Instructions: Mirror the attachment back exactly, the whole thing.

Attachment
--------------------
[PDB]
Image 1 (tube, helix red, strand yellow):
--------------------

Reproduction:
[PDB]
Image 1 (tube, helix red, strand yellow):